The African Growth and Opportunity Act (AGOA), which gives sub-Saharan African nations preferential access to US markets, has been renewed for another 10 years. Beneficiary countries have warmly welcomed this decision.
This June, American President Barack Obama renewed the African Growth and Opportunity Act (AGOA) until 2025, following favourable votes from the US Congress and Senate. Enacted in 2000 during the Clinton administration, the act gives African nations duty-free access to the US market for approximately 7,000 product tariff lines.
To date, 39 of 49 sub-Saharan African countries are profiting from AGOA. In order to be eligible, each country must comply with a set of requirements regarding governance, labour standards and human rights.
According to a study carried out in April 2015 by the US Congressional Research Service, imports from the AGOA beneficiary countries account for only 1% of US total imports. Imported items mainly consist of hydrocarbon (67% of total imports in 2014), textile products – mostly from Kenya, Lesotho and Mauritius – and vehicles, primarily made in South Africa.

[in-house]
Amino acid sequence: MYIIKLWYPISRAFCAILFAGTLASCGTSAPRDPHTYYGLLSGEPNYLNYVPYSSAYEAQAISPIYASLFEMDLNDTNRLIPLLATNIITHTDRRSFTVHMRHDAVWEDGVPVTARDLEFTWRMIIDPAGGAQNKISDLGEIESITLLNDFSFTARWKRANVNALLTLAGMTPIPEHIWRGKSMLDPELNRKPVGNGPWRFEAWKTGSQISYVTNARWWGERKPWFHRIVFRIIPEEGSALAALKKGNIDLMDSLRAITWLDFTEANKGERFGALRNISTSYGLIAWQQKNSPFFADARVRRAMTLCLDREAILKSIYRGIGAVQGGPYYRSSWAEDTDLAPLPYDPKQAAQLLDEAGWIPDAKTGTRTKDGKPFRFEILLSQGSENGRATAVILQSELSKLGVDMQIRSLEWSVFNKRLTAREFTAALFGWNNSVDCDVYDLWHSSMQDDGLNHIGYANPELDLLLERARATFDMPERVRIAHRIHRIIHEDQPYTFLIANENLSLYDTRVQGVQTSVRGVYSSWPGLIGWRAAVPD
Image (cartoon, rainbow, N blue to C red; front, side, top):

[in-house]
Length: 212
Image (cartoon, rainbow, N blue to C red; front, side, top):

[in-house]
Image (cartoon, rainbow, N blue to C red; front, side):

For agriculture and agribusiness, AGOA is showing weak results. According to a study conducted in 2012 by the Brookings Institution, agricultural products account for less than 1% of the AGOA exports (mainly citrus fruits, cocoa and wine). This poor trade is due to quotas set out prior to 2000 and the high level of custom duties on some items such as cocoa, cotton, dairy products and sugar. Furthermore, in some cases, it is difficult for beneficiary countries and their products to comply with US phytosanitary standards.
The chairwoman of the African Union Commission, Nkosazana Dlamini-Zuma, was glad to hear the news of the renewal of AGOA, which has created more than 1.5 million jobs all over the continent.